Saturday, July 17, 2010

The NAACP statement on the Tea Party

There has been a lot of back and forth on the NAACP statment that I simply haven't engaged in. Some interesting exchanges have gone on on the blogs of The Atlantic that I thought were worth highlighting, specifically some from Ta-Nehisi Coates, here and here. Coates also has a post here titled "Why Black Writers Tend Not to Shout", about how he and other black writers are usually very circumspect because their audiences are often largely white. So they equivocate and try not sound particularly pushy about issues like this. Coates notes that the NAACP's forthrightness on this point was a relief for black writers who typically try to avoid these confrontations. Factually, Coates sounds right on target on this. But I have to say I found it supremely ironic that of all people, Coates wrote this one. He can be very in-your-face in his own comment section, and very dismissive of commenters. I know from personal experience. I've only commented a handful of times before and he's gone into weird attack mode almost every single time, and not just towards me. Usually I comment on posts of his on the Civil War (he's a Civil War history buff). Those posts are his way or the highway - let me put it that way.

I know I can be blunt and I feel perfectly free to disagree strenuously with commenters on this blog too. But then again, I never claimed to be meek and mild, did I? :)

I like Coates's final post on this issue a lot. It is here. I left this in the comment section, which pretty much sums up my views on the NAACP statement on the Tea Party:

"I agree whole-heartedly.

There is a lot to criticize in critiques of the Tea Party movement that frame all Tea Partiers as racist, or that downplay the fact that it fundamentally is a small-government movement (however hypocritical, however poorly executed). The worst commentary on the Tea Party movement has been the commentary that blindly dismisses all of them as racists, and dismisses even the idea that they may be expressing genuine differences of opinion. That has been the worst sort of response.

But the NAACP has provided the best sort of response - the sort of response people should have been making all along, namely that

(1.) Elements of the Tea Party have incontrovertibly racist positions and motivations. This phraseology that they used - discussing "elements" was precisely the right note to strike.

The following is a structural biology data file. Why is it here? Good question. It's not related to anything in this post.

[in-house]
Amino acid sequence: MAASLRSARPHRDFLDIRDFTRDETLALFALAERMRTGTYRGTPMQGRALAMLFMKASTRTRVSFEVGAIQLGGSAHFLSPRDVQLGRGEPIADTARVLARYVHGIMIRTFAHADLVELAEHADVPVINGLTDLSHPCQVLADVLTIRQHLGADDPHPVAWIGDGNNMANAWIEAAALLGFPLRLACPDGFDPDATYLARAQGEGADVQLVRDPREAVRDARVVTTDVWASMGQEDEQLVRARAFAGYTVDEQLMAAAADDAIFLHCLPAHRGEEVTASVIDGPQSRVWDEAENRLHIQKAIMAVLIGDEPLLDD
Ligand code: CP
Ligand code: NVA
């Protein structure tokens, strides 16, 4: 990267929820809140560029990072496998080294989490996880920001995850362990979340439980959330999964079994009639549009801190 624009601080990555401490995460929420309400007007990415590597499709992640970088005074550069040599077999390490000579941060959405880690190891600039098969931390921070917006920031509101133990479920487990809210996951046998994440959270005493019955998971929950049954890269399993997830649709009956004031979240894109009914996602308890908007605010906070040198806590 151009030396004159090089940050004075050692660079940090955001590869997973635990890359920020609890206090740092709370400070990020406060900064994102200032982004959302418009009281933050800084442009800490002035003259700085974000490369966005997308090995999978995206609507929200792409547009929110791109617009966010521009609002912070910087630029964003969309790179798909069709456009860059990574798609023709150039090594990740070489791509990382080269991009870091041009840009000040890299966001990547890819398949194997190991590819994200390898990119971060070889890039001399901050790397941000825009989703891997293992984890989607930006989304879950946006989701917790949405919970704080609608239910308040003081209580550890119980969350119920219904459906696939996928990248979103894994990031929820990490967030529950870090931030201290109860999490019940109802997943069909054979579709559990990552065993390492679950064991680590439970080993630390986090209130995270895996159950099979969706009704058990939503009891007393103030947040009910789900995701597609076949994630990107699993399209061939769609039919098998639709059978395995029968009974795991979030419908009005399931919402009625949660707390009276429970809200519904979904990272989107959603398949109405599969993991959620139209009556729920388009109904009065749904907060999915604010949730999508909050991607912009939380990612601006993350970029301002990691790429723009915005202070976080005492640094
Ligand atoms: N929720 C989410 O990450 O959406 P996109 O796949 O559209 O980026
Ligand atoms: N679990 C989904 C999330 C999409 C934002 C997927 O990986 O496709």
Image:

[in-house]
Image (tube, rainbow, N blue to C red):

(2.) That these elements should be denounced, not just because the NAACP doesn't like the Tea Party movement, but because if the Tea Party movement itself wants to have any relevance it can't continue to coexist with these elements.

If people confuse these points or fail to understand them, that's on their heads. I thought the NAACP statement was perfectly understandable and right on target.

Now, was it a tactical error? I suppose that depends on how you define it. If you think that ensuring we all communicate our views to each other in a marketplace of ideas is dependent on descending to the least common denominator of public discourse, that it is dependent on getting rid of all nuance and contingency and specificity, then yes, I suppose you might describe the NAACP statement as a "tactical error", because clearly there were willfully ignorant readers that missed the point.

But honestly, I don't want to participate in a public discourse like that, I don't think the NAACP wanted to either, and I applaud them for transcending it."


  1. When the "Tea Party" gets some actual power, I'll be concerned with them (I have the same opinion of Code Pink!, etc.). In the mean time, in the interest of ending racism, mayhaps we should end the drug war, etc.

    Anyway, here is one of the better comments I've seen on this issue:

  2. They made a huge impact on several races so far, they've been making serious inroads into the Republican agenda on Capitol Hill. If Palin runs for president, they're going to be front and center. And in the end, they're voters with seriously considered opinions. It's not a matter of being "concerned with them" - it's a matter of recognizing what they already are. The concern isn't about the Tea Party in general (for me at least). The concern is more for seedy underbelly that they seem more interested in denying than ridding themselves of.

    To say I'm not concerned about them isn't to say that I'm not concerned about what would happen if their policies were implemented, obviously.

  3. "They made a huge impact on several races so far..."

    Less than half a dozen at most.

    "...they've been making serious inroads into the Republican agenda on Capitol Hill."

    That is debatable.

    "It's not a matter of being "concerned with them" - it's a matter of recognizing what they already are."

    No, for me it is an issue of recognizing that the real problem isn't a bunch of poorly organized populists.

    "The concern is more for seedy underbelly that they seem more interested in denying than ridding themselves of."

    What you and I consider the real seedy underbelly of things probably differs significantly. Indeed, most of what is seedy is front and center and considered quite virtuous by the political establishment.


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